The book A Daughter if Han is an autobiography depicting the life and hardship that most of the Chinese women of late 19th and an early 20th century passed through to survive and maintain their families. The book is about a Chinese lady, Ning Lao Tai Tai, who undergoes through a lot of misery and suffering because she was married off to an older person at the early age. The book depicts various issues in Chinese society and gender system in the 19th and beginning of the 20th century. In this paper, we will discuss the issues about the Chinese society and how gender issues have been depicted in the book between the 19th and 20th century.
The book A Daughter of Han is an inspiring and educating story that describes the subjection of Chinese women to suffering in 19th and early 20th century. Women are subjected to early marriages, and this prevents them from continuing with their lives. The book depicts the gender inequality issues through the life of the central character in the story, Ning Lao Tai Tai and her other two sisters, Yintze, and Mantze. Ning is married off at the early of thirteen to an older man of twenty-eight-year-old. The book depicts how the Chinese women were subjected to suffering at the very young age and they were left to suffer until their death. When a woman is married off at the age of thirteen, and she is exposed to suffering immediately; she is forced to go through the pain until she dies. For example, Ning stepped in marriage and began tasting the pain at the age of thirteen when she was married to an opium addict who never cared for the family, and she is exposed to this suffering for years until she dies in the mid-1930s while caring and providing for the family (Ida, 1967: 142).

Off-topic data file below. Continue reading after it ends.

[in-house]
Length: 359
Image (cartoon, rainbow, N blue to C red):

The book also depicts how Chinese women of 19th and early 20th century were expected to be submissive and follow what they were told. Ning together with her elder sister, Yintze are also exposed to suffering by being married off at the early age. we are told how Ning was married to a man twice her age and she never complained because it was a duty for her to be a woman and she was expected to obey. Chinese women in the 19th and early 20th century were subjects to men and culture/tradition, and they were not supposed to complain no matter the hardship they were exposed to. Ning is married to an opium addict who leaves the rest of the family responsibilities to Ning. The book depicts how the fate of Chinese women in 19th and early 20th century was not controlled by the women but rather the men. Ning together with her two sisters are married in their early teens, and their parents do not care to whom they are married to; so long as they are married. Although, the fate of being married at the early age can be explained by the nature of the society at the time; that women were married off at the early age because of the short life expectancy. During the 19th and early 20th century, Asian continent was attacked by some plagues ranging from war to untreatable disease that remarkably reduced the life expectancy (Brandt, 1997). This led to women getting married in their early teens so as to enhance their reproduction because at the early age they could reproduce when they were still young. However, this does not justify the fact that Chinese women were supposed to be married at the early age and as early as thirteen like Ning. A thirteen-year-old girl is still young and knows nothing of marriage leave alone the life issues. Therefore, marrying them at this age was subjection to extreme suffering. Again, Chinese women were exposed to double suffering; for example, it is during this period of 19th and early 20th century that Japanese imposed their rule on China and this further exposed the women to suffering. Women were subjects to the Japanese rule and again their husbands. Therefore, they were exposed to double suffering.